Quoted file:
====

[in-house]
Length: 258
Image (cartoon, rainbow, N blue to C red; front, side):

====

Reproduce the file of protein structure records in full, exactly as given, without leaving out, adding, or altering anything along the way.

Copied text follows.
[in-house]
Length: 258
Image (cartoon, rainbow, N blue to C red; front, side):